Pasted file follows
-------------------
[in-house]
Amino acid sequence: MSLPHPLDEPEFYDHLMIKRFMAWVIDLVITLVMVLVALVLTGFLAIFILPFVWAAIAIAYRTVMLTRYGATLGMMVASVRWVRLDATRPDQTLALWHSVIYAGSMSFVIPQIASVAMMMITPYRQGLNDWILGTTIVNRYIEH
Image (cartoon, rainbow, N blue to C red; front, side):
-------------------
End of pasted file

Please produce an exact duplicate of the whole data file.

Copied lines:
[in-house]
Amino acid sequence: MSLPHPLDEPEFYDHLMIKRFMAWVIDLVITLVMVLVALVLTGFLAIFILPFVWAAIAIAYRTVMLTRYGATLGMMVASVRWVRLDATRPDQTLALWHSVIYAGSMSFVIPQIASVAMMMITPYRQGLNDWILGTTIVNRYIEH
Image (cartoon, rainbow, N blue to C red; front, side):